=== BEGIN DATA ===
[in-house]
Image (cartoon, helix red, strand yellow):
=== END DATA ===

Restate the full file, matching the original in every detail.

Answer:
[in-house]
Image (cartoon, helix red, strand yellow):